Informant: Not usually. Usually everyone knows the punchline so we all say it together.

Informant: Who’s the we? Where did you learn this?

Informant: Well I think I learned it from my father, he was always making silly jokes like that. Everyone learned it so quickly that it’s a bit hard to say. I remember hearing it during a big party at a small house. It must have been a Sunday because Sunday was when you went to see your family. I remember that because it was something everyone used to get hysterical about, everyone would roll about laughing.

Background: The informant believes she first heard this joke from family. She was not sure if she heard it from her father or older brother who was in the army. They were very close so it’s difficult for her to say who came up with it first, or if they heard it from someone else.

Context: I was asking my informant to recount things she remembered from her childhood and she remembered a few songs and this joke specifically.

Thoughts: It appears to be more of an inside joke but every British person I’ve interacted with appears to know it, but they always play along if they’re asked. It is probably incredibly popular because it’s an easy joke for children to remember and is incredibly easy for them to share to other kids.

Los Melones de Tapachula

My informant is a 48 year old pediatric oncologist at Stanford University. He is bilingual, binational and bicultural, born to a white American father and a Mexican mother. He grew up in both places but spent his formative adolescent years in Mexico City, where he learned this joke from a high school friend. He cracks up every time he performs this joke, which is often.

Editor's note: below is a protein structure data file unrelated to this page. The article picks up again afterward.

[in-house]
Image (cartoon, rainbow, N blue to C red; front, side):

The joke in Spanish goes like this: “No es lo mismo los melones de Tapachula que tapate los melones chula.”

The literal translation is: “It’s not the same the melons of Tapachula as cover your melons cutie”.

This is a semi-dirty joke that employs wordplay, and is one of many “no es lo mismo” (“it’s not the same thing”) jokes. These jokes play with the sounds of a phrase and mix them up to make them something very different, as with this joke, which switches from the tame concept of melons from a certain town called Tapachula to a crude way of telling a attractive woman to cover up her breasts.

I love this piece and think it’s pretty funny, especially because the informant (my father) always laughs harder at it than anyone he tells it to. As a semi-dirty joke, it’s somewhat of a light taboo for him to break, especially in terms of telling this kind of joke in front of kids, so he gets a kick out of it every time he can perform it.

Donkey wordplay joke

My informant is my cousin, a 9 year old boy born and raised in Mexico City to a half-white, half-Mexican mother and a Mexican father. He has an impressive repertoire of jokes that he knows, and impresses and cracks up the family every time he tells them, usually over the traditional Mexican mid-afternoon meal, which is the heaviest meal of the day and is typically eaten with family or friends, the same way dinner is here. He is very popular in school, probably in part because of his sense of humor as well as his natural charm.

This joke was performed over “comida” as the mid-afternoon meal is called, during an hour-long family-wide exchange of jokes. He learned this joke at school.

“Como haces que un burro se haga burra? Lo metes en un cuarto oscuro para que se aburra.”

Transliteration: How do you make a [male] donkey into a [female] donkey? You put him in a dark room so that he gets bored.

The word for female donkey in Spanish is “burra,” while “se aburra” means “[he] gets bored”, so it’s a classic and funny example of wordplay common among children. In fact, most of his jokes are wordplay, which is classic among children, especially as they are gradually learning the nuances and double meanings of a language, and particularly interesting as he is semi-bilingual due to his mom teaching English to him in the home.